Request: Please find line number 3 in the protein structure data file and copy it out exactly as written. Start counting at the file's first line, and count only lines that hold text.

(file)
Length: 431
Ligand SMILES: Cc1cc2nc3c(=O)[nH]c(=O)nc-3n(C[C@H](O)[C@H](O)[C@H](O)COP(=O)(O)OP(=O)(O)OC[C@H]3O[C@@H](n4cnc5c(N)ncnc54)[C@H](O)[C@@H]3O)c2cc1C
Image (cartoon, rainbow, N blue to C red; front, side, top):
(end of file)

Image (cartoon, rainbow, N blue to C red; front, side, top):